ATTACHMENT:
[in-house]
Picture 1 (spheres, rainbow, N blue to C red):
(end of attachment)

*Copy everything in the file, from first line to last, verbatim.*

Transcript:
[in-house]
Picture 1 (spheres, rainbow, N blue to C red):